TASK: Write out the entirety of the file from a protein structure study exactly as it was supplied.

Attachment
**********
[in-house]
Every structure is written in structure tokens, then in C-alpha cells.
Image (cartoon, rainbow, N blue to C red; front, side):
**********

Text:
[in-house]
Every structure is written in structure tokens, then in C-alpha cells.
Image (cartoon, rainbow, N blue to C red; front, side):